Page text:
Sophomore Running distance and Senior Sprinter

Written by on January 17, 2022

There’s an enormous difference between running distance and being a sprinter on a track team. Both face different hardships, different training, and even different environments. I brought in one of both, with even a different age range mixed in. Austin Hess is a standout sophomore distance runner, and a standout senior Nigel Davis that competes in the sprints.
Distance training takes a ton of milage and being able to build up endurance instead of focusing on speed. Austin Hess said in our interview that “I feel like they help me get faster because it’s all endurance-based and when you get up to my races in the 3 kilometers and 10 kilometers it’s all endurance, so my workouts are just specialized for that”. He also has different ways he warms up and gets prepared for his meets, “I prepare for meets by taking an ibuprofen PM and going to bed at like 8 or 9 and then; I like to look at my heat, so I know who I want to be racing against and on meet day I just like to listen to music and picture how I want the race to go”.
Every runner has different ways to prepare for a meet. Nigel Davis’s training is based on speed instead of endurance, “Sprints practice kind starts the same way every day with a full warmup we do the same exact thing we would do if it was a meet day because we want our bodies ready to handle the workload. Honestly practice days, especially speed days, are run with the same intensity as meet day. In track I feel it’s important to go out there and push your body to its limits because in order to perform during meets your body must be used to the strain. Track is honestly every other team’s punishment or conditioning, and a lot of people just look at it as that. But in track, in order to get faster you must practice the little things, not just running till you’re tired So in practice we focus on running form. Foot placement, wasted movements, staying relaxed and a lot of other things.” said Nigel Davis. He also has different warm up strategies than Austin does, “For races at meets I tend to get into my head a lot and because the margins for error are so slim and I really want to perform well on the track. Personally, I tend to get nervous and anxious before meets so the day of the meet and before I race, I work on slowing down my breathing and calming down. I do this because my juco coach once told me that when you’re nervous your heart rate goes up and your heart rate can and should only go up so much during athletic competition and that strain on your heart should be coming from physical activity. So, to me getting too nervous to the point my heart is beating faster is kind of a waste of energy.”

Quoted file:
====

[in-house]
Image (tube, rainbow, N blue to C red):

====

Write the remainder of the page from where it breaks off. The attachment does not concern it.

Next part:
Both fight different battles in the track Montra with Austin in distance and Nigel in the sprints.

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